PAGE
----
Factors influencing fluffy layer suspended matter (FLSM) properties in the Odra River - Pomeranian Bay - Arkona Deep System (Baltic Sea) as derived by principal components analysis (PCA), and cluster analysis (CA)
Other literature type, Article
- Publisher: European Geosciences Union
(issn: 1607-7938, eissn: 1607-7938)
[ SDU.STU ] Sciences of the Universe [physics]/Earth Sciences | [ SDU.ENVI ] Sciences of the Universe [physics]/Continental interfaces, environment | [ SDU.OCEAN ] Sciences of the Universe [physics]/Ocean, Atmosphere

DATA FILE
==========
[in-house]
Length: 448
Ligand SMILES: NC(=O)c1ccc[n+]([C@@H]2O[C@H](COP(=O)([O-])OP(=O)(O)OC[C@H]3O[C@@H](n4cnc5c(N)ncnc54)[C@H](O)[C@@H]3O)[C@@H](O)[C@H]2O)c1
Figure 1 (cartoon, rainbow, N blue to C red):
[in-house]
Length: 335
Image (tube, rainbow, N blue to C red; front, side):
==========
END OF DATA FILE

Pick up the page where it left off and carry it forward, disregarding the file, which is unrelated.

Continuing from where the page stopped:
International audience; Factors conditioning formation and properties of suspended matter resting on the sea floor (Fluffy Layer Suspended Matter - FLSM) in the Odra river mouth - Arkona Deep system (southern Baltic Sea) were investigated. <P style="line-height: 20px;"> Thirty FLSM samples were collected from four sampling stations, during nine cruises, in the period 1996-1998. Twenty six chemical properties of the fluffy material were measured (organic matter-total, humic substances, a variety of fatty acids fractions, P, N, ?13C, ?15N; Li; heavy metals- Co, Cd, Pb, Ni, Zn, Fe, Al, Mn, Cu, Cr). The so obtained data set was subjected to statistical evaluation. <P style="line-height: 20px;"> Comparison of mean values of the measured properties led to conclusion that both seasonal and spatial differences of the fluffy material collected at the stations occured. Application of Principal Component Analysis, and Cluster Analysis, to the data set amended with environmental characteristics (depth, salinity, chlorophyll <i>a</i>, distance from the river mouth), led to quantification of factors conditioning the FLSM formation. The five most important factors were: contribution of the lithogenic component (responsible for 25% of the data set variability), time dependent factors (including primary productivity, mass exchange with fine sediment fraction, atmospheric deposition, contribution of material originating from abrasion-altogether 21%), contribution of fresh autochtonous organic matter (9%), influence of microbial activity (8%), seasonality (8%).